Every couple of years, I teach a course on “Minor Cinemas,” which takes the concept of “minor” literature from Deleuze and Guattari and explores whether/how the concept might be useful for thinking about a range of film practices. When I began teaching the course about six years ago, I included a week on “short cinema,” in which I taught a smattering of advertisements, music videos, and trailers.
In recent years (and months), however, the category of short cinema has transformed through social media and a variety of digital applications. I am interested, on the one hand, in how this new generation of short cinema returns us to the visual grammar and temporal expressions of early cinema; and, on the other, in how it combines with other visual genealogies, including (and in particular) photography.
Perhaps most well known among these new moving-image formations is Vine, a video-sharing service founded by Dom Hofmann, Rus Yusupov, and Colin Kroll in June 2012 and acquired by Twitter in October of that same year. Like Twitter—which limits users to 140 characters—Vine encourages users to work with an obstruction. Only six seconds of video can be recorded/uploaded per Vine. The camera only records when touching the screen, so users can stitch together six seconds out of multiple times/places. For a sample of content produced during the first year, see here.
The culture of Vine also distinguishes the service from other video communities. In a 2013 article for Wired, Mat Honan describes it as “distinctly younger, distinctly blacker, and distinctly, well, gayer than society in general.” He writes:
Vine started from scratch. It built a ground up culture that feels loose, informal, and — frankly — really fucking weird. Moreover, most of what you see there feels very of-the-moment. Sure, there’s plenty of artistry that goes into making six second loops, and there are volumes of videos with high production values. But far more common are Vines that serve as windows into what people are doing right now. Many of the most popular Vines appear to be completely off the cuff. They don’t have to be great or slick or well produced. In some ways, its better that they’re not, because it creates a lower threshold if you just want to, you know, share a video of your cat. They have something that trumps quality, which is authenticity.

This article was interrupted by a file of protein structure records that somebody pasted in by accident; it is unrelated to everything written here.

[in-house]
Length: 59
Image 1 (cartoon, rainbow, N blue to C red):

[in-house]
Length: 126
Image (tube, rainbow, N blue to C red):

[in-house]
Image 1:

Of course, Vine is not alone in courting amateur users to experiment with short cinema. Just a few months after the introduction of Vine, Instagram introduced its own video service (which limits users to fifteen seconds) and, more recently, the company launched Hyperlapse, an application that allows users to produce slick time-lapse videos.
In early 2011, photographers Kevin Burg and Jamie Beck began experimenting with a GIF format they called “cinemagraphs” for New York Fashion Week. These composite images isolate one element of the image and produce the effect of movement in an otherwise still photograph. Like all GIFs, the images are constructed by looping a small portion of video or a series of photographs; unlike most GIFs, however, only a small object or portion of the image moves. The movement embedded in one of Beck and Berg’s first cinemagraphs is, in fact, a film projector and the flicker of its light against a reclining model: